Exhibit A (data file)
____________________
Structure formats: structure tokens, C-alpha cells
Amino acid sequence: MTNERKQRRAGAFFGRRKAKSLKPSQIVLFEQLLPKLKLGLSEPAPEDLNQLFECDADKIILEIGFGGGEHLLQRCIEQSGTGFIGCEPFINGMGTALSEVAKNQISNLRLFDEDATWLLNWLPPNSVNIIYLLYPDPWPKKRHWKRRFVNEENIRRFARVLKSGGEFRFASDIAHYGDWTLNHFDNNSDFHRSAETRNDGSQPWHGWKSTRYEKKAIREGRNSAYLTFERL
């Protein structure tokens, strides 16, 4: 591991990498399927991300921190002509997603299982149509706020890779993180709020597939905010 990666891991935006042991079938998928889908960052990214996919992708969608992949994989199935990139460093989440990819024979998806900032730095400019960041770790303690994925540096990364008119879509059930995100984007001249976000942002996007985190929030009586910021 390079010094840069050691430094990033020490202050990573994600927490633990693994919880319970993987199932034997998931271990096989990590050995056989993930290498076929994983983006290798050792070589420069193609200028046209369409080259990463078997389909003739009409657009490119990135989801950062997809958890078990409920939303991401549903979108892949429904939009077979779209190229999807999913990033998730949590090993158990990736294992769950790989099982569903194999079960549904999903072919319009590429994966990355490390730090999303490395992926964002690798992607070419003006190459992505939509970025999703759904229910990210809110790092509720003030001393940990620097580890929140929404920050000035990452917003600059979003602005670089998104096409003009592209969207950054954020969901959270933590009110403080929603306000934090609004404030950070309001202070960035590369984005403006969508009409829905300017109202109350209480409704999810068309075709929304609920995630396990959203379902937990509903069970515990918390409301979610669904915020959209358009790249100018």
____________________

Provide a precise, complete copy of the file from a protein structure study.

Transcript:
Structure formats: structure tokens, C-alpha cells
Amino acid sequence: MTNERKQRRAGAFFGRRKAKSLKPSQIVLFEQLLPKLKLGLSEPAPEDLNQLFECDADKIILEIGFGGGEHLLQRCIEQSGTGFIGCEPFINGMGTALSEVAKNQISNLRLFDEDATWLLNWLPPNSVNIIYLLYPDPWPKKRHWKRRFVNEENIRRFARVLKSGGEFRFASDIAHYGDWTLNHFDNNSDFHRSAETRNDGSQPWHGWKSTRYEKKAIREGRNSAYLTFERL
């Protein structure tokens, strides 16, 4: 591991990498399927991300921190002509997603299982149509706020890779993180709020597939905010 990666891991935006042991079938998928889908960052990214996919992708969608992949994989199935990139460093989440990819024979998806900032730095400019960041770790303690994925540096990364008119879509059930995100984007001249976000942002996007985190929030009586910021 390079010094840069050691430094990033020490202050990573994600927490633990693994919880319970993987199932034997998931271990096989990590050995056989993930290498076929994983983006290798050792070589420069193609200028046209369409080259990463078997389909003739009409657009490119990135989801950062997809958890078990409920939303991401549903979108892949429904939009077979779209190229999807999913990033998730949590090993158990990736294992769950790989099982569903194999079960549904999903072919319009590429994966990355490390730090999303490395992926964002690798992607070419003006190459992505939509970025999703759904229910990210809110790092509720003030001393940990620097580890929140929404920050000035990452917003600059979003602005670089998104096409003009592209969207950054954020969901959270933590009110403080929603306000934090609004404030950070309001202070960035590369984005403006969508009409829905300017109202109350209480409704999810068309075709929304609920995630396990959203379902937990509903069970515990918390409301979610669904915020959209358009790249100018």